Yet, even though O’Leary appears to be a great fix for Canada’s economy, there are still some unchecked boxes that need filling. After all, being Prime Minister entails more than addressing economic issues. For example, O’Leary hasn’t said much yet regarding ISIS or the conflict in Israel. This is a red flag for some Social Conservatives. At the same time, if O’Leary doesn’t have a certain agenda regarding foreign policy, he will likely delegate a lot of the responsibility to military experts and foreign advisors. It’s possible that O’Leary sees military spending as wasteful, but note that Canada not being involved in militaristic affairs internationally is in no way analogous to America not being involved in militaristic affairs internationally. His stance regarding refugees and immigration is also still unknown.
On the more explicitly liberal end, O’Leary has voiced his intention to legalize, regulate and tax marijuana. He also supports assisted suicide if the physician is willing to perform it.
He has said that he is impartial to same-sex marriage. His justification jives with a more libertarian trope. “Anything to do with your happiness as an individual, the state has no right to be in your bedroom. I don’t care if someone wants to marry a goat,” he said. Hyperbole or not, this has left many Social Conservatives uncertain about O’Leary despite the movement being more or less a lost cause in Canada.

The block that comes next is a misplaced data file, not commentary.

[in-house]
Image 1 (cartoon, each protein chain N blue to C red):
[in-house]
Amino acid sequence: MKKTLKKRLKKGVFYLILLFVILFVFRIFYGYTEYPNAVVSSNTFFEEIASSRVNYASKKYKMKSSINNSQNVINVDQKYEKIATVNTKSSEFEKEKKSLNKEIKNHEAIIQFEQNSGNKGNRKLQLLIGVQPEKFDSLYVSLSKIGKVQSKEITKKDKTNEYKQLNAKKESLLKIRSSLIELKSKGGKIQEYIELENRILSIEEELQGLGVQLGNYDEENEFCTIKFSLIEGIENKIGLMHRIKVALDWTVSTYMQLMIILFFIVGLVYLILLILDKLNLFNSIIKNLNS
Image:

Whether you like O’Leary’s social views or not, Canadian SoCons shouldn’t be so quick to throw away a candidate who can easily stiff-arm Trudeau’s predictable cries of homophobia, racism and bigotry. O’Leary is already being labeled as the Trump of the North, so being armed with ammunition to dispel narratives of bigotry will only benefit Conservatives. Also, it’s possible that many Liberal swing-voters would feel more comfortable jumping ship if they knew the Conservative candidate was socially liberal. Regardless, economic issues are waaay ahead of social issues on O’Leary’s priority list, so it’s highly doubtful that the cis-white male venture capitalist is going to become Canada’s second consecutive social justice warrior Prime Minister. SoCons need not worry.
All in all, Canada needs a dosage of economic realism more than anything else, and Kevin O’Leary seems to be the person to do just that. Will he make Canada wonderful? It’s a little early to tell – he hasn’t even won the leadership yet. Nevertheless, Canadian’s certainly have a reason to be optimistic. While his social and foreign policy stances are rather cagey at this time, Kevin O’Leary seems like the perfect candidate to energize Canada’s rather flaccid and abating economy.